Obesity time bomb keeps ticking
Updated: 2016-05-20 08:20
By Wang Xiaodong(China Daily Europe)
A growing problem
In 1975, 700,000 Chinese men were obese, which meant the country was ranked 13th in the world. In addition, there were 1.7 million obese women, making China the global No 10. The combined figure accounted for less than 2.5 percent of global obesity.
That picture has changed dramatically. In 2014, China overtook the United States to become the world's fattest nation for both men and women in terms of total numbers. The country was home to 43.2 million obese men (16.3 percent of the global total) and 46.4 million obese women (12.4 percent), according to research published in April by medical journal The Lancet.
The research, based on surveys of more than 19 million people in 186 countries, also showed China was moving higher in the global ranks of "serious" obesity.
In 1975, China's men occupied 60th place, while the women were in 41st place, but by 2014, both men and women were second in the global rankings.
In the past decade, the number of overweight or obese people in China has risen faster than in a large number of developed countries, according to the National Health and Family Planning Commission.
In 2012, nearly 12 percent of Chinese adults were obese, compared with 7.1 percent in 2002. Meanwhile, the figure for children and adolescents - ages 6 to 17 - was 6.4 percent, compared with 2.1 percent in 2002, The Lancet research says.
Yang Qinbing, director of nutrition at Beijing Tsinghua Changgung Hospital and a member of the Chinese Medical Doctors Association, believes China is facing an obesity time bomb.
"The prevalence of obesity has become a serious health problem, and it is one of the most dangerous health risks for the country in the near future," he says.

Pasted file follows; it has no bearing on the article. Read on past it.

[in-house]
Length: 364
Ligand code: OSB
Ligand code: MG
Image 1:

A rising rate of obesity is closely related to the surge in the incidence of many noninfectious diseases, which are now the primary health threat for China.
According to a report by the World Health Organization last month, the number of Chinese people with diabetes is estimated to be 110 million, about 10 percent of the adult population, but in 1980, the figure was less than 5 percent.
Being overweight and a low level of exercise were primary factors in developing the disease in patients with Type 2 diabetes, which accounts for 90 percent of those with the condition, the report says.
Moreover, the rapidly rising obesity rate among children increases the chances of them contracting chronic diseases such as diabetes, adds Yang Wenying, director of the China-Japan Friendship Hospital's Endocrine and Metabolic Diseases Center in Beijing.
"Clinicians have seen a fast rise in the number of children with diabetes. Most of these young patients are obese or overweight."
Those conditions have been major contributors to a rise in cardiovascular disease. About 290 million Chinese have heart disease, and the illness is now the primary cause of death in the country, according to a report last year by the National Center for Cardiovascular Diseases.
The incidence of hypertension among Chinese men aged 60 and older and with a waistline of 90 centimeters or larger was 78 percent, the center says.
Between 1980 and 2013, the number of cardiovascular patients being treated in China's hospitals rose by an average rate of 9.51 percent a year, higher than the number of patients with other chronic illnesses, it adds.